Coral Reefs Are Being Decimated, All for a Few Gaudy Trinkets

Coral Reefs Are Being Decimated, All for a Few Gaudy Trinkets

Kate Lunz didn't know what to expect as she piloted her white Florida Fish and Wildlife Conservation Commission truck to the Port of Tampa in July 2010. The day before, customs authorities had called the 32-year-old, PhD-toting marine biologist and asked her to inspect the contents of two 40-foot shipping containers that had been sent from the Solomon Islands and pulled for investigation.

This marked the first time Lunz had been summoned to the port to do her job. To look official, she wore her white FWC shirt, pulled back her short blond hair, and packed an employee badge, a professional accouterment she rarely used. A federal escort met Lunz at the port's entry and led her past rotund oil tanks and looming smokestacks toward a secure Customs and Border Protection warehouse the size of a football field. Lunz walked inside to find piles of what appeared to be white rubble wrapped in damp beer boxes and foreign newspapers. She snapped on a surgical mask to stave off the stench of mold and dust and began surveying the haul.

The sight devastated Lunz. The rubble was actually a giant batch of stony coral — an order scientifically known as Scleractinia — an exceptionally fragile animal that's vital to the health of the world's oceans. Thousands of pieces had been plundered from the South Pacific and shipped halfway around the world to be cleaned, turned into tourist trinkets, and sold down the coast of Florida at a staggering markup.

Ken Nedimyer of the Coral Restoration Foundation shows off a piece of coral.
Tim Grollimund
Ken Nedimyer of the Coral Restoration Foundation shows off a piece of coral.
Divers check on corals that were transplanted from a nursery to the Florida Reef Tract.
Tim Grollimund
Divers check on corals that were transplanted from a nursery to the Florida Reef Tract.

"Heartbreaking," Lunz says. "It made my stomach sink."

They were spectacular specimens; some looked like inverted jellyfish turned to stone; others were hardened, porous blobs of a deep-maroon hue. Lifeless starfish and expired crabs still dangled from the skeletons, aquatic detritus indicating the coral had been part of a thriving reef.

Curious warehouse workers paused as they strolled by and asked if this discovery was a bad thing. Yes, Lunz explained, it was a terrible thing.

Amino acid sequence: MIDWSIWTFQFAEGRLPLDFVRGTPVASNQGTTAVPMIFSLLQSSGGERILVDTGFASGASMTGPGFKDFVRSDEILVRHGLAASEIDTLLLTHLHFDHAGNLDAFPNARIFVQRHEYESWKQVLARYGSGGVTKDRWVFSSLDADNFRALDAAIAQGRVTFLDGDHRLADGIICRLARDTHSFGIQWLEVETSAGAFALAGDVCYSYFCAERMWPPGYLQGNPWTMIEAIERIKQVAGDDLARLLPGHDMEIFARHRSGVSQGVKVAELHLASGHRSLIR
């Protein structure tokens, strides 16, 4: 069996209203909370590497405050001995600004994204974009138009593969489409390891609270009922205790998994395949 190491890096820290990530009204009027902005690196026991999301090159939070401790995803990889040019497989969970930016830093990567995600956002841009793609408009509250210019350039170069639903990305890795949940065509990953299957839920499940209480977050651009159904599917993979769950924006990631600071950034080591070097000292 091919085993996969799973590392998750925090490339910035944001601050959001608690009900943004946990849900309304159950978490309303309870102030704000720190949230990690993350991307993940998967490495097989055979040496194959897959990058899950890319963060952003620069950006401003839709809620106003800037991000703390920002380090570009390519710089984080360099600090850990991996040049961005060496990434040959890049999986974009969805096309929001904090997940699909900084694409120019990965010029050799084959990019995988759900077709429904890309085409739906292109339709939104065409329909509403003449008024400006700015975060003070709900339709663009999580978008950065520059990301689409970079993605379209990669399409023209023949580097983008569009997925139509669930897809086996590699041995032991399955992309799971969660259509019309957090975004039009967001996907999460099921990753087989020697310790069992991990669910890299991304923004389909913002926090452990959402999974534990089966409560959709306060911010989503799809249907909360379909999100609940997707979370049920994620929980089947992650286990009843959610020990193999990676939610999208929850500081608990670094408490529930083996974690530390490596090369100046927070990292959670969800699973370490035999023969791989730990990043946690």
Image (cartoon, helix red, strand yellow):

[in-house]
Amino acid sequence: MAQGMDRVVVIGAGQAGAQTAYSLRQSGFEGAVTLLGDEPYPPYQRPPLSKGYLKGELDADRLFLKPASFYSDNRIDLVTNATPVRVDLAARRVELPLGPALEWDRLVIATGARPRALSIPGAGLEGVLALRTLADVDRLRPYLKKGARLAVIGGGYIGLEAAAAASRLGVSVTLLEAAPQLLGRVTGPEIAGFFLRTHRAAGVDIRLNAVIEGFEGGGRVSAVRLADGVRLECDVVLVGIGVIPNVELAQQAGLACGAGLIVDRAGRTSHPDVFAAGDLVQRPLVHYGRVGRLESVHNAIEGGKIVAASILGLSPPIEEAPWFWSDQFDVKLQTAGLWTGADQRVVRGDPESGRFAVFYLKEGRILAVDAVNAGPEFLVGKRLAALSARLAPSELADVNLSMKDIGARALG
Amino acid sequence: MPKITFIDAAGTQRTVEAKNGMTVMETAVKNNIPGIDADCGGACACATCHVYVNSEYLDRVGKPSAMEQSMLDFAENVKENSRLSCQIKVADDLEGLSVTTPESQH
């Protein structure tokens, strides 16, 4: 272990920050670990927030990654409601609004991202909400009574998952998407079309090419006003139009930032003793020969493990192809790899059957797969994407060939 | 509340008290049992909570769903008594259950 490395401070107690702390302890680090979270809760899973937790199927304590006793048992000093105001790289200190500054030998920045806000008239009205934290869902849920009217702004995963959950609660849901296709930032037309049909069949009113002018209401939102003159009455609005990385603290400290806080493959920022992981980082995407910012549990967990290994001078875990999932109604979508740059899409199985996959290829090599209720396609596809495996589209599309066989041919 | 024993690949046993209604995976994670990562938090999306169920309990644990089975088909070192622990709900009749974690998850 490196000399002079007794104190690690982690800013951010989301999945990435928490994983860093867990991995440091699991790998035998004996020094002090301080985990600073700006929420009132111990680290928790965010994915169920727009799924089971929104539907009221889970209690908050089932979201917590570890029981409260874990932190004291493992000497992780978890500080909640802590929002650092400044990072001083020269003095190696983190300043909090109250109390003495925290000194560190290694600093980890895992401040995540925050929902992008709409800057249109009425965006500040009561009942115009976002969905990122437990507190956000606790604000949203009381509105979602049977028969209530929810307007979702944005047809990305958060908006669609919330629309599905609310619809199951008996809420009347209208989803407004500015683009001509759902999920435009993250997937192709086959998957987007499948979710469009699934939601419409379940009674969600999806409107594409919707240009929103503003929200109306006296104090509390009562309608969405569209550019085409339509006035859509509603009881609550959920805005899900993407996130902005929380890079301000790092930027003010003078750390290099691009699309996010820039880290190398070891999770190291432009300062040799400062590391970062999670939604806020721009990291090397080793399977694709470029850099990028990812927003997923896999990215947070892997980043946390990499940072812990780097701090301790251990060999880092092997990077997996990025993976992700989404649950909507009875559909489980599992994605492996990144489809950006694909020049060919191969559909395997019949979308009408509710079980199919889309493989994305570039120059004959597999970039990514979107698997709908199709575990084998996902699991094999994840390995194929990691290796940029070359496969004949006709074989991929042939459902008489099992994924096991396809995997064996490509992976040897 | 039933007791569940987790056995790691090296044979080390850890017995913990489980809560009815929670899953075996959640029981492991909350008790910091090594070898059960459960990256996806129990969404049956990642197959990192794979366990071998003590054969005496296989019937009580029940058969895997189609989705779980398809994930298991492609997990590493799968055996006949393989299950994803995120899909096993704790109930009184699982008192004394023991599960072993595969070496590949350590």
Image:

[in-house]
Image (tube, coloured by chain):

Over the next three days, Lunz and a handful of colleagues sorted the coral piece by piece to ensure that the species listed on the boxes matched the species listed on the shipping documents. Only about half the shipment was labeled accurately. Agents seized the other, mislabeled half and estimated it to be worth upward of a million bucks. "The sheer magnitude of this shipment was just overwhelming," Lunz says. "This was a substantial part of a reef."

Over the next two years, four more suspicious shipments — of similar magnitude and similarly mislabeled — would arrive in U.S. ports, with the most recent having come to Tampa earlier this year. Lunz was called in to inspect each shipment, and each resulted in the seizure of misidentified coral.

The former reef material was bound for the curio trade, an off-the-radar market that spans from low-end, roadside shell shops to posh interior-design companies. The shipping containers and the repeated pattern of mislabeled coral are now at the center of a federal investigation being led by the U.S. Fish and Wildlife Service that could result in criminal charges and stiff financial penalties against the people who were importing it. Sources familiar with the ongoing investigation would not reveal the names of those involved but say the same Solomon Islands-based company exported all of the containers to several American importers.

"Every time I walk into that warehouse at the Port of Tampa, I'm flabbergasted by the size of the shipment," Lunz says. "I'm seeing shipments of coral in such large quantities that it's potentially devastating entire reefs."